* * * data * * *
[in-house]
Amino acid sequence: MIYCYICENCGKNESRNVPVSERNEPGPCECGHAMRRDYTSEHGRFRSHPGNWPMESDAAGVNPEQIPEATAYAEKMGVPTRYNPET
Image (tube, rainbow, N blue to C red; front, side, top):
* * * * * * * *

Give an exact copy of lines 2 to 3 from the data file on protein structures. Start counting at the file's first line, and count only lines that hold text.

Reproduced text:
Amino acid sequence: MIYCYICENCGKNESRNVPVSERNEPGPCECGHAMRRDYTSEHGRFRSHPGNWPMESDAAGVNPEQIPEATAYAEKMGVPTRYNPET
Image (tube, rainbow, N blue to C red; front, side, top):